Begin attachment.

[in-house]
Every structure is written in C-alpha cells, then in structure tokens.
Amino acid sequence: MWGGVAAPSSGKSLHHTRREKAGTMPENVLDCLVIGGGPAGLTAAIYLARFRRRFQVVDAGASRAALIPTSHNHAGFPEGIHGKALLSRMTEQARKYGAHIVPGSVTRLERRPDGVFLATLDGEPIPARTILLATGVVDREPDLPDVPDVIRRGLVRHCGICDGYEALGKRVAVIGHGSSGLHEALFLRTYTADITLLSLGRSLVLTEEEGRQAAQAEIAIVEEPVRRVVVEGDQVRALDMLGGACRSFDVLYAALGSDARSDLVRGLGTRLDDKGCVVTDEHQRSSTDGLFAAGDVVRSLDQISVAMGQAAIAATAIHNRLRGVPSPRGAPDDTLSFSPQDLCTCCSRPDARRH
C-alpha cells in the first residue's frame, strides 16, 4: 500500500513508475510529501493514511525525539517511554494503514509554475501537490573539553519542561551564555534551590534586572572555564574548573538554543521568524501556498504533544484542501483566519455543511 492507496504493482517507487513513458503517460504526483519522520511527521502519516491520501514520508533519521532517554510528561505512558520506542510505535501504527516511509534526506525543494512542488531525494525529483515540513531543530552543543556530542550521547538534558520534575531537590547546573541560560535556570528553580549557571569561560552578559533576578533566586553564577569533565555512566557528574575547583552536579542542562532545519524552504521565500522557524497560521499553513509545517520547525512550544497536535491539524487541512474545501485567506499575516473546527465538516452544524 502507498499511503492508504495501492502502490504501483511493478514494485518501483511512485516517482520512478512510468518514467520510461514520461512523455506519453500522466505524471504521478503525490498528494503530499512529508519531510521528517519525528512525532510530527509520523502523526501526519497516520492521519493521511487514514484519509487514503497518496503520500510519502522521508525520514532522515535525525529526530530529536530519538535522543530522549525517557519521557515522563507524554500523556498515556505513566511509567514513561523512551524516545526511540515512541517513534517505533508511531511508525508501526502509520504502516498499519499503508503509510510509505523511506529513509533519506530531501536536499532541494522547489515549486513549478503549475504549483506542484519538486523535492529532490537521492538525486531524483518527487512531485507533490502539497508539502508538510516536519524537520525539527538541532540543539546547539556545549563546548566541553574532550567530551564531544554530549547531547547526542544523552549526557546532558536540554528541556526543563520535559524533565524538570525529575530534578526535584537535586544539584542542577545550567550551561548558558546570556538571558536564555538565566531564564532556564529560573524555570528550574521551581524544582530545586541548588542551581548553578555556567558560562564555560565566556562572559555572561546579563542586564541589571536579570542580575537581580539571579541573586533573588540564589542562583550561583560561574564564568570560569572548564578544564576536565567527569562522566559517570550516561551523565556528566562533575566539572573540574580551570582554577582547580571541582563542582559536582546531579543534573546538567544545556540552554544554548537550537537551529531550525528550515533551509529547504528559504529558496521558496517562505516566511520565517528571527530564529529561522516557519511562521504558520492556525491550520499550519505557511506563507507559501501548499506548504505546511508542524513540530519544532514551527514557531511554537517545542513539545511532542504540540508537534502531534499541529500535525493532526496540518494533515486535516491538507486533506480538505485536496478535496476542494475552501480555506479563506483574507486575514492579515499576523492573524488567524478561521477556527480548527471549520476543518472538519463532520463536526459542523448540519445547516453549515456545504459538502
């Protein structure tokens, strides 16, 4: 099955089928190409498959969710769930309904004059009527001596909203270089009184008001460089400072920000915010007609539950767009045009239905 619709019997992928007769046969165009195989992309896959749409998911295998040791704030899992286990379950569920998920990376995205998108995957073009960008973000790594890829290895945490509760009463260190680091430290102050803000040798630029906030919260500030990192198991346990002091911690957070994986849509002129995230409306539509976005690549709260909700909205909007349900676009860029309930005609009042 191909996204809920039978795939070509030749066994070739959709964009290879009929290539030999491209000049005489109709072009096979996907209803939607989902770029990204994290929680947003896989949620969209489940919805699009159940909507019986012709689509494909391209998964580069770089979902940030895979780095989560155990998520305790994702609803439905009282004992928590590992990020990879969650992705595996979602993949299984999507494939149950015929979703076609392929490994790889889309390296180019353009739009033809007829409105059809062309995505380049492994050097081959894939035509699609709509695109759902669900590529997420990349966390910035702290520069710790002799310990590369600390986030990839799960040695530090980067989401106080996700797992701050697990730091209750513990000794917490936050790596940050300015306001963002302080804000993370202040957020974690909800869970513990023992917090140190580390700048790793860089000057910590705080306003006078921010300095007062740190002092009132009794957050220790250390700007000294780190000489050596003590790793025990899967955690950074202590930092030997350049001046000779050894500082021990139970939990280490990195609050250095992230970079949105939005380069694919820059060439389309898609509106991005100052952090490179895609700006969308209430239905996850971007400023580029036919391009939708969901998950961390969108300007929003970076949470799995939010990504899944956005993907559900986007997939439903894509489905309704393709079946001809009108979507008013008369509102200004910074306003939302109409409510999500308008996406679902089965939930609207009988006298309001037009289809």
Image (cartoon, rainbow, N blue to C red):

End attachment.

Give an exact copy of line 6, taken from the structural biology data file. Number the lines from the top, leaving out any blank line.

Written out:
Image (cartoon, rainbow, N blue to C red):